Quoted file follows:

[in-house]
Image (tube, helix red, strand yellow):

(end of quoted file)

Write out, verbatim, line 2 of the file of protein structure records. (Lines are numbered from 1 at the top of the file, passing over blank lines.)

Image (tube, helix red, strand yellow):